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Addiction. 2000 Aug;95 Suppl 2:S165-9.

Laboratory-based assessment of alcohol craving in social drinkers.

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Department of Psychiatry, University of Chicago 60637, USA.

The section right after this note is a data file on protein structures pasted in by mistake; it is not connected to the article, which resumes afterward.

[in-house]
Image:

Subjective feelings of craving for drugs and alcohol are hallmark symptoms of substance abuse and dependence, and they are thought to play a pivotal role in relapse to drug use. However, relatively little is known about the relationship between craving and overt drug-seeking behavior or drug consumption. One way to investigate the relationship between self-report measures of craving and objective measures of drug-taking behavior is to investigate the degree to which they co-vary in laboratory studies. In particular it may be informative to examine the degree to which these measures co-vary after experimental manipulations that are expected to increase or decrease craving for, or use of, a drug. We review the results of several laboratory studies in which both self-report measures of craving or desire for alcohol and alcohol consumption were measured, using subjects who were non-problem social drinkers. The experimental manipulation used to increase craving and drug-taking was the administration of a priming dose of alcohol. The manipulation that was intended to decrease craving and drug-taking was administration of a dose of naltrexone, because of its use in the treatment for alcoholism. In most of these studies, self-reported ratings of desire for alcohol were positively associated with consumption of alcohol. However, there were also instances in which one measure varied independently of the other, indicating that under certain circumstances they are controlled by separate factors. Laboratory-based studies such as these may improve our understanding of how subjective reports of alcohol craving are related to objective measures of consumption.

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